Amy Coney Barrett confirmed to the Supreme Court

Olivia Jacobs

Amy Coney Barrett is the newest conservative judge on the U.S. Supreme Court. 
Photo: Wikimedia Commons

Amy Coney Barrett was officially confirmed to the Supreme Court of the United States with a 52-48 vote on Monday, October 26. Barett was President Donald Trump’s replacement nominee for the late Ruth Bader Ginsburg who passed in late September. 

With Barrett’s confirmation, the Supreme Court now has a 6-3 conservative majority. As a result, many people are concerned about the future in regard to the pandemic, climate change, the Affordable Care Act (ACA), Roe v. Wade and more.

Barrett had two years of private practice experience and 15 years of teaching experience as a law professor at Notre Dame before her nomination. She also served as a clerk for the late Justice Antonin Scalia. Many critics pointed out during her nomination process that she had never tried a case or argued an appeal and had only served as a judge in appeals court since 2017. Most of her cases as of October 2020 involved civil matters instead of criminal ones. 

During the confirmation hearings, Barret was asked about her stance on climate change by Senator Kamala Harris. 

“You know, “I’m certainly not a scientist. I’ve read things about climate change, I would not say I have firm views on it. I will not express a view on a matter of public policy, especially one that is politically controversial,” Barrett said. She did agree, however, that the coronavirus is infectious.

Another issue that came up during the hearings was healthcare. On November 10, the Supreme Court will hear a case on the Affordable Care Act, which has been a popular topic in the recent presidential debates. A popular worry of Americans has been that if they have pre-existing conditions, they will no longer have coverage if Trump was successful with having it struck down in court. 

“I’m not here on a mission to destroy the Affordable Care Act,” Barrett said. 

She further explained that the Affordable Care Act case has to do with severability and the presumption “is always in favor of severability.” Barrett maintained throughout the hearings that she had not made a deal or had discussed the matter prior with the president before her nomination and there was no agenda in place. 

“I have no animus for the Affordable Care Act,” Barrett said. 

Abortions were another discussion topic along with ‘super-precedents’ which are cases that shouldn’t be overturned because they are established law. Democrats explicitly asked Barrett several times about her views on abortion and the historical case of Roe v. Wade, but Barrett would not state if she believed one way or the other.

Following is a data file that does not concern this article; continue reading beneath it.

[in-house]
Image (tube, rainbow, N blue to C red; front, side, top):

“Roe is not a super-precedent because calls for its overruling have never ceased, but that doesn’t mean that Roe should be overruled,” Barrett said. 

Barrett was also asked to name all of the protections that are listed under the first amendment, but could only name four out of the five protections.

The final major issue that came up in Barrett’s hearing was the issue of election results and presidential pardons. With the 2020 election less than a week away, officials were concerned that Barrett will be rushed into the court. 

“I certainly hope that all members of the committee have more confidence in my integrity than to think I would allow myself to be used as a pawn to decide this election for the American people,” Barrett said. 

Before Barrett was confirmed though, an approximate 60 million plus votes had already been cast for the presidential election. 

Barrett was also questioned on what would happen in the event that the president failed to accept a ruling. She explained that she couldn’t answer the question because the issue has never been tested in court before and she argued that judges are not policymakers. 

“No person is above the law. The Supreme Court can’t control whether or not the president obeys,” Barrett said. 

The hearings revealed little information on Barrett’s exact political views but instead, many argued, revealed her approach of adhering to the law instead of interpreting it. 

“This is the first time in American history that we’ve nominated a woman who is unashamedly pro-life and embraces her faith without apology,” Republican Senator Lindsay Graham said. Barrett has been a well-known advocate of catholicism. 

Barrett’s first day on the court as an Associate Justice was Tuesday, Oct. 27 and she will be expected to hear election-related cases in the following weeks.